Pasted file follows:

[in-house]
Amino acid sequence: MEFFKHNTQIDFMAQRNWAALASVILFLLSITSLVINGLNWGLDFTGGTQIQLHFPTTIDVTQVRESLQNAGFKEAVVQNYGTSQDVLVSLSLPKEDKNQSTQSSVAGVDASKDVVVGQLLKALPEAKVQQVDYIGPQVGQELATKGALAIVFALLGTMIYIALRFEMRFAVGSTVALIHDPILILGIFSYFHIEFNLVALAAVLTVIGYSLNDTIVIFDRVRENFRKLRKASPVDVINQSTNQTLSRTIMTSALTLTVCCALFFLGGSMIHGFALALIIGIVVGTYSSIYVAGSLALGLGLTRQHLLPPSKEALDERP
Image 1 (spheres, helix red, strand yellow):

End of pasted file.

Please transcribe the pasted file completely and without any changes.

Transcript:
[in-house]
Amino acid sequence: MEFFKHNTQIDFMAQRNWAALASVILFLLSITSLVINGLNWGLDFTGGTQIQLHFPTTIDVTQVRESLQNAGFKEAVVQNYGTSQDVLVSLSLPKEDKNQSTQSSVAGVDASKDVVVGQLLKALPEAKVQQVDYIGPQVGQELATKGALAIVFALLGTMIYIALRFEMRFAVGSTVALIHDPILILGIFSYFHIEFNLVALAAVLTVIGYSLNDTIVIFDRVRENFRKLRKASPVDVINQSTNQTLSRTIMTSALTLTVCCALFFLGGSMIHGFALALIIGIVVGTYSSIYVAGSLALGLGLTRQHLLPPSKEALDERP
Image 1 (spheres, helix red, strand yellow):